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UD Wind Power Program | Motivation

Most ocean scientists consider recent findings (since mid-2003) on the effects of CO2 on the ocean to be alarming. These recent analyses predict effects that, compared to most effects predicted prior to 2003, are qualitatively more disruptive to humanity and to whole ecosystems. See the UD CEOE web site on CO2 for brief summaries. The largest CO2 source is electric generation and second is transportation. After systematically examining non-CO2 electric resources available in the US Northeast, we find offshore wind is the only cost-competitive electric source capable of large-scale implementation in the 40-year time frame (see article) needed to significantly reduce projected impacts. Other CO2 reduction measures should also be pursued (e.g. conservation, electrification of the vehicle fleet, and solar), but without offshore wind we know of no way to accomplish the needed 60%+ cuts in greenhouse gases in our region. Other regions will vary. There are many other motivations for offshore wind development, including creating local manufacturing and other jobs, reducing criteria pollution and associated health impacts, providing energy security and price stability, and improving US economic competitiveness.


ocean pH


Figure shows modeled changes in ocean pH from prior to the Industrial Era through future projections due to anthropogenic CO2 emissions.  The figure is from Caldiera and Wickett, 2003 (see explanation  under "ocean acidification" at http://co2.cms.udel.edu/).

Helga Huntley

Tracking ocean pollution

Uncovering new clues about how oil, other pollutants move in ocean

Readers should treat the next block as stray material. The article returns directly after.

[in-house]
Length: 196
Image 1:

Asia Dowtin

Stemflow study

Investigating how rainwater travels in urban forests
horseshoe crab

Horseshoe Crabs and Artificial Bait

We are working to identify chemoattractants in horseshoe crabs and produce an artificial bait, reducing the reliance on horseshoe crabs in the eel and conch fisheries.

CEOE School & Departments

School of Marine Science & Policy

Advancing the understanding, stewardship, and conservation of estuarine, coastal, and ocean environments.

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Department of Geological Sciences

Discovering how geological processes have operated over various time scales to create and influence the planet’s surface environments.

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Department of Geography

Investigating the interactions between people and the environment and the processes that explain the location of human and natural phenomena.

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College of Earth, Ocean, and Environment • 111 Robinson Hall • Newark, DE 19716 • USA • Phone: 302-831-2841
Geography: 302-831-2294 • Geology: 302-831-2569 • Marine Science and Policy: 302-645-4212 • E-mail: ceoe-info@udel.edu

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